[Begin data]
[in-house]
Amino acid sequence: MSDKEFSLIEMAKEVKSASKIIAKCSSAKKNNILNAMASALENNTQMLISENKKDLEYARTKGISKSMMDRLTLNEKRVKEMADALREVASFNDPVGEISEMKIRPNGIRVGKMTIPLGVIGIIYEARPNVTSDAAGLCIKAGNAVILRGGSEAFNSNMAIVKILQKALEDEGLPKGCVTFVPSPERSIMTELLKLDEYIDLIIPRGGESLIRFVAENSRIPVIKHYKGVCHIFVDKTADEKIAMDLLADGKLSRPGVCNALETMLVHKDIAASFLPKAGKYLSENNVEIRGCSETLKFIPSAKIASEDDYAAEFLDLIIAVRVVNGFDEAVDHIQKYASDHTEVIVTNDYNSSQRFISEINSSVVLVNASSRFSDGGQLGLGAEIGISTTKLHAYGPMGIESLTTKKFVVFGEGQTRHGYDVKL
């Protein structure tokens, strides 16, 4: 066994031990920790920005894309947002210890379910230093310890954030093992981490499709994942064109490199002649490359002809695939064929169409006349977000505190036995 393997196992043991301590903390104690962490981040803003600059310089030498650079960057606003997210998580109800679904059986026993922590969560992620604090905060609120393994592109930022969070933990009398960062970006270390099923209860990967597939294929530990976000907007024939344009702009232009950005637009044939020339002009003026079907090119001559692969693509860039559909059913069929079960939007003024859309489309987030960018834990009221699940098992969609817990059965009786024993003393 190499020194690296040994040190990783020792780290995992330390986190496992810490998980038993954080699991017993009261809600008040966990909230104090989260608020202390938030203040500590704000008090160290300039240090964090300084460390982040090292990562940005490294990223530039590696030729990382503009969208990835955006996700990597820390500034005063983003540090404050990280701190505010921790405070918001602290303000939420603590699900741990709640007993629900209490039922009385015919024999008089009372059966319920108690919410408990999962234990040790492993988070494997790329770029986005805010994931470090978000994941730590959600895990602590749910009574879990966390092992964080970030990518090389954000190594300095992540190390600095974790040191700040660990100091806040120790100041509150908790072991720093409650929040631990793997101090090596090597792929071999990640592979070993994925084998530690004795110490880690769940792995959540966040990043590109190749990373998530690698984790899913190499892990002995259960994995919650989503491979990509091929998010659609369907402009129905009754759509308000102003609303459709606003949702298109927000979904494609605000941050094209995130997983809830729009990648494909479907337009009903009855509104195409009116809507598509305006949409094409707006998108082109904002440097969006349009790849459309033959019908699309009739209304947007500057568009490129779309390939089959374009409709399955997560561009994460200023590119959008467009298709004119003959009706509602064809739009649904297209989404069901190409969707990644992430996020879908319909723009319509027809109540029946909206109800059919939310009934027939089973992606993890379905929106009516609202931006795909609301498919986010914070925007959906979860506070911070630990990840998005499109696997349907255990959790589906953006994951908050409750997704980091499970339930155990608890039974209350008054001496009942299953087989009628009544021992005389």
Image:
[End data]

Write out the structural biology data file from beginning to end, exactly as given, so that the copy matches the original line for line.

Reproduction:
[in-house]
Amino acid sequence: MSDKEFSLIEMAKEVKSASKIIAKCSSAKKNNILNAMASALENNTQMLISENKKDLEYARTKGISKSMMDRLTLNEKRVKEMADALREVASFNDPVGEISEMKIRPNGIRVGKMTIPLGVIGIIYEARPNVTSDAAGLCIKAGNAVILRGGSEAFNSNMAIVKILQKALEDEGLPKGCVTFVPSPERSIMTELLKLDEYIDLIIPRGGESLIRFVAENSRIPVIKHYKGVCHIFVDKTADEKIAMDLLADGKLSRPGVCNALETMLVHKDIAASFLPKAGKYLSENNVEIRGCSETLKFIPSAKIASEDDYAAEFLDLIIAVRVVNGFDEAVDHIQKYASDHTEVIVTNDYNSSQRFISEINSSVVLVNASSRFSDGGQLGLGAEIGISTTKLHAYGPMGIESLTTKKFVVFGEGQTRHGYDVKL
């Protein structure tokens, strides 16, 4: 066994031990920790920005894309947002210890379910230093310890954030093992981490499709994942064109490199002649490359002809695939064929169409006349977000505190036995 393997196992043991301590903390104690962490981040803003600059310089030498650079960057606003997210998580109800679904059986026993922590969560992620604090905060609120393994592109930022969070933990009398960062970006270390099923209860990967597939294929530990976000907007024939344009702009232009950005637009044939020339002009003026079907090119001559692969693509860039559909059913069929079960939007003024859309489309987030960018834990009221699940098992969609817990059965009786024993003393 190499020194690296040994040190990783020792780290995992330390986190496992810490998980038993954080699991017993009261809600008040966990909230104090989260608020202390938030203040500590704000008090160290300039240090964090300084460390982040090292990562940005490294990223530039590696030729990382503009969208990835955006996700990597820390500034005063983003540090404050990280701190505010921790405070918001602290303000939420603590699900741990709640007993629900209490039922009385015919024999008089009372059966319920108690919410408990999962234990040790492993988070494997790329770029986005805010994931470090978000994941730590959600895990602590749910009574879990966390092992964080970030990518090389954000190594300095992540190390600095974790040191700040660990100091806040120790100041509150908790072991720093409650929040631990793997101090090596090597792929071999990640592979070993994925084998530690004795110490880690769940792995959540966040990043590109190749990373998530690698984790899913190499892990002995259960994995919650989503491979990509091929998010659609369907402009129905009754759509308000102003609303459709606003949702298109927000979904494609605000941050094209995130997983809830729009990648494909479907337009009903009855509104195409009116809507598509305006949409094409707006998108082109904002440097969006349009790849459309033959019908699309009739209304947007500057568009490129779309390939089959374009409709399955997560561009994460200023590119959008467009298709004119003959009706509602064809739009649904297209989404069901190409969707990644992430996020879908319909723009319509027809109540029946909206109800059919939310009934027939089973992606993890379905929106009516609202931006795909609301498919986010914070925007959906979860506070911070630990990840998005499109696997349907255990959790589906953006994951908050409750997704980091499970339930155990608890039974209350008054001496009942299953087989009628009544021992005389």
Image: